A senior GOP aide on Capitol Hill also dismissed the president’s rhetoric. “Clearly the President’s reelection strategy is to make all sorts of false claims about his record over and over again until people set aside reality and adopt his version of history.” He is convinced that “no matter how often he denies being the most hostile president toward Israel in the last 20 years” he’ll suffer at the polls with an electorate that is overwhelmingly pro-Israel.

In fact, the president’s shabby record on Israel is well known. As the Los Angeles Times reported:

White House Press Secretary Jay Carney fielded a question about the [ECI] ad in his briefing on Friday.

Carney said, “I would simply reiterate that this president’s commitment to Israel’s security is unshakable. And that’s this administration’s policy, and it has been demonstrated I think amply by the steps that we’ve taken in the last nearly three years in regard to Israel’s security.”

Judging from the reaction at the gathering of the liberal (politically and religiously) URJ, many American Jews are so wedded to the Democratic Party that they’re willing to buy that. But unless the GOP goes off the deep end and nominates Rep. Ron Paul (R-Tex.) or another non-credible candidate, it is likely a healthy chunk of the Jewish electorate will vote against Obama in 2012.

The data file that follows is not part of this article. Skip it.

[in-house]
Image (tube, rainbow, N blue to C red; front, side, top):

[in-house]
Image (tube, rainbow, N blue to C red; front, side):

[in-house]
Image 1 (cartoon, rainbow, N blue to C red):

You see, for many pro-Israel Americans (Jewish and otherwise), Lilly Ledbetter really doesn’t make up for undercutting Israel’s bargaining position on borders, condemning the Jewish state for building in its capital, trying to strong-arm Israel both in private and public, insulting its prime minister to another world leader and making it a policy objective to show distance between the United States and Israel. They rather like presidents who visit Israel, recognize that its existence is not a function of Holocaust guilt, recognize that mistreatment of women in the region is not an Israeli problem but an Arab one and banish those from his administration who make excuses for anti-Semitism or scold Israel for not getting to the “damn” negotiating table.